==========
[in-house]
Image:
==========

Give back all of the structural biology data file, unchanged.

[in-house]
Image: